Date of Award

Spring 1-1-2017

Document Type

Dissertation

Degree Name

Doctor of Philosophy (PhD)

First Advisor

Keith R. Molenaar

Second Advisor

Doug Gransberg

Third Advisor

Paul Goodrum

Fourth Advisor

James Diekmann

Fifth Advisor

Matthew Hallowell

Abstract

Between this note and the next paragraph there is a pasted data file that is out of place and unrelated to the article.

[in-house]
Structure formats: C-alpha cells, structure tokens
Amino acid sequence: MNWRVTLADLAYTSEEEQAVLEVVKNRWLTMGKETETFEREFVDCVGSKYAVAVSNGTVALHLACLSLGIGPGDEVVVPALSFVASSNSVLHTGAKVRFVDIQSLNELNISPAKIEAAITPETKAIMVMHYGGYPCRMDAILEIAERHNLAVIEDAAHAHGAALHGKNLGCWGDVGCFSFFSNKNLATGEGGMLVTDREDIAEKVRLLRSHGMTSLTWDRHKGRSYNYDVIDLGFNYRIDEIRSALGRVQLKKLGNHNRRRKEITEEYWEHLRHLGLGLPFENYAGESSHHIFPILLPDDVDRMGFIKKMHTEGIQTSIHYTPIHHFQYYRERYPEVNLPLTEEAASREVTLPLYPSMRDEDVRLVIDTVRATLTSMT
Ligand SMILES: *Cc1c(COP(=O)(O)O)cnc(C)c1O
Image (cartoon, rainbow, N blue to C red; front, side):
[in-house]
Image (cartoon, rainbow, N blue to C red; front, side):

Indefinite delivery-indefinite quantity (IDIQ) construction contracts use an overarching master contract between an owner and contractor for multiple projects over a specified time period. The practice is widespread in the U.S. federal government but its efficacy has been the subject of relatively few studies. This dissertation offers a state-of-practice review of IDIQ construction contracting as well as an empirical analysis of the competition and cost implications of using IDIQ contracts. Content analysis of 90 federal requests for proposal reveals IDIQ contracting use for a wide range of facility types and construction services. Findings suggest that IDIQ contracts reflect the inherent paradoxical organizational tensions in public sector procurements. On one hand, IDIQ contracts reflect a desire for flexibility, simplified procurement processes, and finding the most qualified contractors. On the other hand, public owners must put control mechanisms in place to obtain a fair price, protect the public interest, and comply with regulations. Statistical analysis of 935 U.S. Department of Defense construction projects shows that IDIQ contracting corresponds with lower levels of competition as measured by the number of bids, even when controlling for factors like delivery method and market conditions. A subsequent analysis of 316 U.S. Air Force construction projects shows IDIQ contracting is associated with approximately five percent higher costs, driven by higher bid prices as compared to engineering estimates. However, multiple award IDIQ contracts also appear to be effective at maintaining a minimal level of competition needed to protect the public’s interest. Interviews with practitioners reveal that IDIQ contracting may yield reduced transaction costs, better schedule performance, and other benefits that offset the cost premium. For design-build projects in particular, IDIQ contracts may serve as a streamlined alternative to two-step source selection. The findings of this dissertation contribute to bodies of knowledge on IDIQ contracts and framework agreements, neoclassical economic theory and paradox theory as applied to the construction industry, and construction project delivery methods research. It is the largest empirical study of IDIQ construction projects to date. The findings also have practical implications for public owners with large asset portfolios and for contractors interested in pursuing IDIQ contracts.

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